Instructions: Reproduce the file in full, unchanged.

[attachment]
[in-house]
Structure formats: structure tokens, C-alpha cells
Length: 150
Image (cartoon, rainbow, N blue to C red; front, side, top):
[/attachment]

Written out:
[in-house]
Structure formats: structure tokens, C-alpha cells
Length: 150
Image (cartoon, rainbow, N blue to C red; front, side, top):